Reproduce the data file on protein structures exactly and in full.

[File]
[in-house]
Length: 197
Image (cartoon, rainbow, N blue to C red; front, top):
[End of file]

[in-house]
Length: 197
Image (cartoon, rainbow, N blue to C red; front, top):